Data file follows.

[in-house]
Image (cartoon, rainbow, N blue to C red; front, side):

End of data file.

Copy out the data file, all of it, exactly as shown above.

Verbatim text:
[in-house]
Image (cartoon, rainbow, N blue to C red; front, side):